Petraeus: Military Didn't Recommend Obama’s July 2011 Date for Beginning Withdrawal from Afghanistan

By Edwin Mora | July 1, 2010 | 6:27 PM EDT

President Barack Obama stands with Gen. David Petraeus and Vice President Joe Biden in the White House Rose Garden on Wednesday, June 23, 2010, to announce that Petraeus will replace Gen. Stanley McChrystal. (AP Photo/Charles Dharapak)

Washington ( – Gen. David Petraeus testified before the Senate Armed Services Committee this week that President Barack Obama’s July 2011 drawdown date for U.S troops in Afghanistan was not proposed by military officials. 
Petraeus said that he understood that the “president has to be interested in fiscal considerations, political considerations, diplomatic considerations" in making decisions about withdrawing troops from a war.

Nonetheless, Petraeus said he agreed with the dateline, while adding that a U.S. presence in Afghanistan is necessary for “quite some time.”
At the hearing, Sen. John McCain (R-Ariz.) asked Petraeus, “Was there a recommendation from you or anyone in the military that we set a [drawdown] date of July 2011?”
Petraeus said, “There was not.”

McCain then said, “There was not – by any military person that you know of?”
Petraeus answered, “Not that I’m aware of.”
In reference to the July 2011 date, Petraeus said, “It was not just for domestic political purposes. It was also meant for audiences in Kabul that we will not be there forever.”
He then added, “But we will be there, presumably for quite some time.”
When questioned by Sen. Lindsey Graham (R-S.C.) about the drawdown date, Petraeus said, “What I have done is restate the policy as it currently exists, senator, and the policy again, and as I stated, I supported and agreed to back last fall to begin a process in July 2011 under which tasks are transferred to Afghan security forces and government officials and a quote ‘responsible drawdown’ of the surge forces begins based to be determined by conditions.”
Petraeus, who is top commander in Afghanistan, said he “was consulted” about the Obama administration’s drawdown date when asked by Sen. George LeMieux (R-Fla.).
“There’s no question that in the final session that [July 2011 date] was discussed,” Petraeus testified.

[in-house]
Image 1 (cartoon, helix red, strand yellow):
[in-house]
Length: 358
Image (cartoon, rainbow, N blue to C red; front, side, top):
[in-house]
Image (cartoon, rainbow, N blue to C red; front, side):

LeMieux then asked, “Do you find that the adoption of something like [July 2011] coming from the civilian side, the elected leadership of the country, without being offered by the military, do you find that to be normal based upon the history of this country?”
Petraeus said, “The president has to be interested in fiscal considerations, political considerations, diplomatic considerations, all of that is appropriate. So I don’t find it unusual to have, again, something be inserted that was not from the bottom up.”
Obama first announced his July 2011 drawdown during a speech at West Point Academy on Dec. 2, 2009, saying, “We will execute this transition responsibly, taking into account conditions on the ground.”
Since then, the president has continued to repeat his July 2011 policy, emphasizing that the date will mark the beginning of a “process” based on ground conditions.
However, Vice President Joe Biden was quoted in “The Promise,” Jonathan Alter’s book on Obama’s first year in office, as saying, “In July of 2011, you’re going to see a whole lot of people moving out, bet on it.”
During the hearing, Petraeus said Biden is fully on board with Obama’s July 2011 policy. 

Republicans have criticized the Obama administration’s drawdown date, saying, among other things, that it sends mixed messages about U.S. commitment to Afghanistan’s stability.
“Somebody needs to get it straight, without doubt, what the hell we’re going to do come July,” said Graham, “because I think it determines whether or not someone in Afghanistan is going to stay in the fight.”  
Graham continued: “This is all not your problem to fix. This is a political problem, because I’m assuming the July deadline did not come from you. You said it didn’t. You agreed to it. But somebody other than you came up with this whole July get out of Afghanistan deadline, and I think it’s all politics. But that’s just me.”